It’s time for another Around the World Party. This week we’re heading to Russia to explore its rich history and culture. From the vibrant domes of St. Basil’s Cathedral to the fairytale forests of Russia’s countryside, there’s so much to explore in this vast country. Poydem (let’s go)!
Paper Kokoshniks and Tubeteikas
Instructions: Download PDF
There are over 100 ethnic groups within Russia. This ethnic diversity is reflected in the wide range of traditional clothing found throughout Russia. Many items draw on the ethnic history of the region. A kokoshnik is a traditional headdress worn by Russian women on special occasions. It’s usually worn with a sarafan, which is a long, trapeze-shaped jumper dress. They come in a variety of styles but are often crest shaped. Tubeteikas are short, rounded skullcaps worn mostly by men in the Muslim-populated regions of Russia, such as Tatarstan. In the picture below you can see one that my sister-in-law brought back from Kazan. Both items are often embellished with intricate embroidery and appliqués.
This craft is my own brainchild. The instructions are fairly basic, so feel free to experiment with different shapes, designs, etc. A responsible adult who knows how to use a hot glue gun should make the headdress or hat. We don’t want the kiddos getting injured. Besides, the decorating is the fun part anyway.
Source: Meijo’s Joy
Babushka is the Russian word for old woman or grandmother. Similar to other cultures, a babushka is often viewed as a strong matriarch and a central figure within the Russian family. Grandmothers often play a vital role in raising children in Russia, sometimes dedicating all their time to raising grandchildren. For that reason a babushka has become a very powerful, emotional symbol. Because everybody loves grandma!
I was so impressed when I found this origami tutorial. It’s perfect for kids that might not be quite old enough to paint their own nesting dolls but still want to join in on the fun. It also much cheaper. Overall, this is a simple, adorable project with endless possibilities.
Purchased on Amazon
Also known as a matryoshka or babushka dolls, nesting dolls have become synonymous with Russian culture. The first nesting doll was carved in 1890 by Vasily Zvyozdochkin from a design made by Sergey Malyutin. The dolls gained popularity after they won bronze at the Exposition Universelle world’s fair in Paris in 1900. Often painted to look like a woman in traditional clothing, nesting dolls traditionally represented motherhood and family.
You can buy sets with design templates you can trace on. I decided to go with ones without because they were cheaper. While the paint can get a bit messy, this project is so much fun, especially for artsy kids.
Russian Tea Party
Recipe Source: Cooking Melangery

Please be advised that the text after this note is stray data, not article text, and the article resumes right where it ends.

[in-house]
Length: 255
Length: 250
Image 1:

Given it’s often frigid climate, it’s no surprise that tea is one of the most popular drinks in Russia. Tea is an integral part of Russian culture. Russian tea parties often feature a samovar, which is a metal container used to heat and boil water for tea. While the preparation of tea can vary, usually lemon, sugar, honey, or jam is added to it. For kids, I recommend going with mint and berry herbal teas rather than the typical black tea. I know my niece and nephew certainly don’t need the extra caffeine.
A tea party isn’t complete without some sort of cake or treat. For our tea party I made apple sharlotka, which is a cake similar to sponge cake. The recipe I used is from Cooking Melangery. Yelena’s blog is full of an assortment of stunning recipes! She also has a whole section of her blog dedicated to Russian cuisine that you should definitely check out. My cake wasn’t quite as beautiful as hers but was still delicious! If you don’t have time to make a traditional recipe, any sort of cake, cookie, or treat will do. It’s spending quality time together that’s most important *cue obligatory awwing*.
Source: 9 Soviet Children’s Yard Games
After all that cake and tea, it time to run around and play some games. The site linked above has some great Russian children’s games to try. Most of the games are for larger groups, but there are a couple that work with a smaller number. Vishibali (Russian dodgeball) and Cossack and Thieves were some of our favorites.
For entertainment, head over to Netflix and watch Masha and the Bear. It’s a cartoon that’s loosely based on the Russian folktale “Masha and the Bear”. The show follows the antics of a precocious little girl named Masha, and the attempts of an old bear to keep her out of trouble. My niece, who reminds me a lot of Masha coincidentally, loves this cartoon. Even my nephew likes it. If you don’t have Netflix, you can find some of the episodes on YouTube.
Pretend Passport Russia Stamp